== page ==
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UKZN Press

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S.E.K. Mqhayi, Iziganeko zesizwe reclaims and assembles a chronological sequence of Mqhayi’s occasional poems

Samuel Edward Krune Mqhayi (1875–1945) was the most prominent South African imbongi of his day, a Xhosa oral poet who declaimed his impromptu poetry on occasions of significance to his people. The author of numerous works of poetry, fiction and non-fiction, biography, autobiography and translation, Mqhayi’s contributions to Xhosa-language newspapers remains unparalleled in scope and volume.

This book reclaims and assembles a chronological sequence of Mqhayi’s occasional poems, for the most part now unknown – 60 poems celebrating significant events in the calendar, on occasions of national or international importance. They constitute Iziganeko zesizwe, a chronicle of the nation, between 1900 and 1943: poetic responses to events from the perspective of the greatest figure in Xhosa literature. Wars feature prominently in these occasional poems – the Boer War, the First World War, the invasion of Abyssinia, the Second World War – as do political deputations to England, visits from British princes and the death of British kings, the appearance of Halley’s Comet and meetings with Ministers of State. Running through the collection is Mqhayi’s proud and fierce determination to maintain an identity rooted in custom and history in the face of territorial dispossession, the loss of title deeds and the vote, and the steady erosion of human rights.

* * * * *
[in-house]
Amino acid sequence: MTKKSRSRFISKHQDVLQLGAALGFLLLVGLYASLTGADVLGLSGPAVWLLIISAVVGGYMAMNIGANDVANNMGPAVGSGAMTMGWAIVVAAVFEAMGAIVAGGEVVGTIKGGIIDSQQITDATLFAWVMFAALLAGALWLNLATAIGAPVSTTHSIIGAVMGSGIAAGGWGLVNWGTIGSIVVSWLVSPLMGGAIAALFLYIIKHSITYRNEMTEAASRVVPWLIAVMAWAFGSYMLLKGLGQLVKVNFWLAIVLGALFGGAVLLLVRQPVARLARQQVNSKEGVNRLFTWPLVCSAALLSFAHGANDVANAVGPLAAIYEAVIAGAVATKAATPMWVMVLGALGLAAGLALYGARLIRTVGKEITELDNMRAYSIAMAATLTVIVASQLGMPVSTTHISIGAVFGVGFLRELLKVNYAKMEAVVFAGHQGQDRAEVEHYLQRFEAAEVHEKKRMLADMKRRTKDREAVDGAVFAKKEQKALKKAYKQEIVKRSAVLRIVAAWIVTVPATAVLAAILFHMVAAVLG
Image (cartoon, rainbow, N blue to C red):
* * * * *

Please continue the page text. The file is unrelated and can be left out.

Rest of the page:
Throughout these years, Mqhayi remained constant in offering praise and encouragement to his people, in celebrating their achievements, and in expressing Christian consolation and an unflinching faith in the future liberation of South Africa’s black population from foreign control.

Jeff Opland commenced his academic career as a medievalist, but for the past 40 years he has assembled a collection of oral and printed poetry and has devoted himself to defining and restoring the heritage of literature in the Xhosa language. Opland is currently Visiting Professor in the School of Languages: African Language Studies at Rhodes University.

Peter T. Mtuze is the most prolific living isiXhosa writer. He has authored and co-authored no fewer than 30 books. His main contribution is in creative writing: he has produced novels, short stories, essays, drama, poetry, autobiography and language books. Mtuze’s first book, UDingezweni, which appeared as far back as 1966, is regarded as a classic novel. One of his singular achievements was his translation of former President Nelson Mandela’s autobiography, Long Walk to Freedom, into isiXhosa. He worked on the University of Fort Hare Xhosa Dictionary Project, at the University of South Africa and at Rhodes University, where he retired as Professor Emeritus.

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